Tuesday, May 7, 2019

DHS Publishes 30-Day CSAT ICR Change Notice – 05-07-19

Today the DHS Infrastructure Security Division of CISA published a 30-day Information Collection Request (ICR) revision notice for the Chemical Security Assessment Tool in the Federal register (84 FR 19929-19933). The 60-day ICR revision notice was published on February 7th, 2019. This notice includes a detailed response to questions submitted by an unnamed commenter (official comment here) on the 60-day ICR notice.

The 30-day ICR Comments

Alert readers will recall that I pointed out two discrepancies in an otherwise detailed ICR notice. Those discrepancies are related to incomplete data being presented on two of the information collections covered in this ICR:

• Identification of Facilities at Risk; and
• Assets at Risks

The first deals with information collected from facilities that ship DHS chemicals of interest (COI) about facilities to which they ship COI. The second deals with information collected about industrial control systems that are related to the use, storage or loading of COI at the facility. I posed a number of questions about each of those collections and todays ICR notice provides detailed answers to those questions.

Identification of Facilities at Risk

While the full set of comments concerning the Identification of Facilities at Risk information collection is well worth reading, particularly by facilities that have thought that DHS would not be able to find out that they had COI and thus could get away without filing a Top Screen, the data that I found interesting was presented in response to my questions about the history of this information collection. I’ll briefly summarize it below:

Number of potential responses per year – 845
Number of voluntary responses that identified facilities actually received – 15
Number of facilities of concern identified – 172
Number of Top Screens from newly identified facilities – 27 (to date, may be more pending)
Number of new CFATS covered facilities from those Top Screens – 18

This final data section on the Identification of Facilities at Risk data collection concludes with the following editorial comment:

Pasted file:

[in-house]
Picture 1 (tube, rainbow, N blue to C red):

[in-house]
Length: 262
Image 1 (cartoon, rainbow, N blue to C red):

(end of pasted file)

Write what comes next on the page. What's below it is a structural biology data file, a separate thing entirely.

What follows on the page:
CISA believes that voluntarily supplied customer and suppliers lists are an excellent source of information to identify chemical facilities of interest and covered chemical facilities.

Assets at Risk

This is the data collection that was completely overlooked in the 60-day notice. Again, the full response to the questions I asked about this data collection are worth reading, particularly by anyone interested in the regulation of industrial control system security. I will highlight a few of the more interesting data points here.

The number of times Chemical Security Inspectors requested information about assets at risk:
FY 2017 – 2,018
FY 2018 – 3,328
FY 2019 (to date) – 1,107
The number of voluntary responses – all requested facilities;

The following comment was provided about the information collected:

CISA has found that the information generally collected under the section (Assets at Risk) is not information previously provided in an approved facility's SSP or ASP. The information collected through the second section of the instrument generally supplements the information provided by covered chemical facilities in their SSP or ASP. Information collected through this instrument is recorded in case files created by CISA employees outside of the SSP or ASP (e.g., Compliance Inspection Reports).


Once again, I would like to commend the folks at DHS for the way that they have dealt with these questions and ICRs related to the Chemical Anti-Terrorism Standards (CFATS) program in general. The wealth of information provided to the regulated community to justify the information collection requests is a model that other agencies in the Federal Government should follow.

The differences in the response rates to the two voluntary information collections is more than a little interesting. The 100% response rate to the questions about industrial control system security issues seems to me to be indicative of the industry’s cooperative compliance with the CFATS program. The Infrastructure Security Compliance Division (ISCD) has worked very hard to foster a strong working relationship with the regulated industry and this is a great indicator of how well that hard work has paid off.

The very low voluntary compliance rate on the facility identification collection poses an interesting conundrum for the folks at ISCD. First, the success rate for identifying facilities that have not followed the law (for what ever reason) and completed a Top Screen is phenomenal. That combined with the higher than normal conversion of initial Top Screen submissions to identification of submitting facilities as CFATS covered facilities means that this is a very effective tool for achieving the congressional mandate in 6 USC 629, Outreach to chemical facilities of interest.

The low voluntary compliance rate for this collection is almost certainly based upon organizations wanting to protect customer relationships. Non-complying companies are probably trying to avoid the appearance of ‘ratting out’ their customers, and this is certainly understandable. ISCD recognition of this concern is also why this is a voluntary information collection.

During the CFATS reauthorization Congress might want to take a look at whether or not they might want to mandate this information collection. Being able to collect this information from each covered facility that ships COI domestically will certainly bring ISCD much closer to 100% identification of facilities of interest. Whether or not this is worth the political cost of mandating the disclosure is something that only Congress can answer.

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